At least once a week a client comes in with a guitar that has a scratch, dent, small ding or giant gouge in the body of his guitar. Inevitably, he asks the question…
“Can you guys make this look new again?”
I shuffle my feet, trying to explain how difficult and time consuming it is. “How long would it take?”
I exhale loudly and ask, “Do you have a back up guitar?”
“How much will this cost?”
My answer, as always is, “How much is it worth to you?” These questions are not always easy to answer. Guitar finish and touch up are two of the hardest repairs that any tech can do. Even if that tech is a master, it can be time consuming, costly and may not always turn out perfectly. Most people are shocked to hear how much a finish touch up can cost. “It’s only a little chip in the finish!” they say. If you take your car into a body shop to get finish damage taken out, they will mask off the rest of the car and totally refinish the panel that has the damage done to it. We don’t often have the luxury of refinishing an entire guitar to remove dings and dents from a small portion, so touching up the damage is in order.
There are traditionally two different kinds of guitar finish, nitro-cellulose lacquer (AKA: nitro) and polyurethane (AKA: poly). Both have their pluses and minuses and there are several variations on the two finishes. Nitro is the softer of the two finishes but tends to let the wood “breathe” more, while poly is harder and more durable, but many players feel it “shells” the sound, dampening resonance and sustain. Martin and Gibson have used nitro since the 1930s and Fender guitars had lacquer finishes up until the late 1960’s. Most modern instruments, with the exception of the affor mentioned Martin and Gibson, (as well as some high-end boutique guitars), use poly or some variation of a urethane finish. Modern technologies have allowed companies like Taylor, Larrivee and Paul Reed Smith to use very thin coats of polyurethane to help alleviate some of the tonal problems associated with poly, while giving the hard protection that lacquer cannot. One strum on any of these guitars will tell you how far finishing has come.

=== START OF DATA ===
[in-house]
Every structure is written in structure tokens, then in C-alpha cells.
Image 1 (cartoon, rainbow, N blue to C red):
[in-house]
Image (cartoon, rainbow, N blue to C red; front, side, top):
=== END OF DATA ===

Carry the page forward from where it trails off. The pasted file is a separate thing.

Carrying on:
Every repairman prefers touch up and refinishing with lacquer. It will chemically “redissolve” with old finishes, making touch up easier and sometimes flat out perfect. If there are scratches or dents, often they can be touched up by “drop filling” with lacquer. The drop fill must sit for 24 hours to let it dry before a second fill is done. The lacquer will have a tendency to “sink” into the existing blemish or surrounding finish, so several drop fills are generally required. This can be a long process. When the dent is successfully filled, we spray a thin layer of lacquer over the area, and let it dry. Then the area is wet sanded with fine grit sand paper and buffed out on our stationary arbor buffer. Often, we can make a blemish or crack virtually disappear. We don’t generally recommend touch up on vintage pieces, as it will affect the value of the instrument. Only in extreme or unusual circumstances, or if the “Vintage Value” of the instrument has already been affected, will we recommend any touch up on these instruments. Of course, we always do what the customer wants; it’s not our guitar after all!
POLYURETHANE: Poly presents another beast. Poly doesn’t let other finishes “melt” into it. We can tackle touch ups with poly in a few ways. How well a repair goes is often determined by color, texture and location. It’s easier to touch up an inconspicuous spot than a ding right on the top of a poly sunburst Strat! Generally, the area is stained with a color match aniline dye or simply drop filled with Crazy Glue (yes simple Crazy Glue). The area is then wet sanded and buffed out. This is the simplest form of touch up for poly. If a customer wants to pay more, we can drop fill, then spray a coat of color-matched poly or acrylic lacquer over the area. This presents the problem of creating a “ghost line” where new and old paints meet. We have been experimenting with different ways of blending these lines and have had very promising results using a process that we have to keep under wraps. The poly color touchups we’ve done lately have been coming out tremendously well and I think it’s just another way we can keep a hand up on the competition.Whether poly or lacquer, deciding whether or not to have your instrument restored is a personal choice. Only you can place a value on your guitar. One man’s trash is another man’s treasure, and after all, as one of my customers once said, “Chris, it’s not you up there in the spotlight”.